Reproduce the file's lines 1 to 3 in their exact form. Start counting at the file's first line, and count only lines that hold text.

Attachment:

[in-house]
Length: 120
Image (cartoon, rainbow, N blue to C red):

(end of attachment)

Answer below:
[in-house]
Length: 120
Image (cartoon, rainbow, N blue to C red):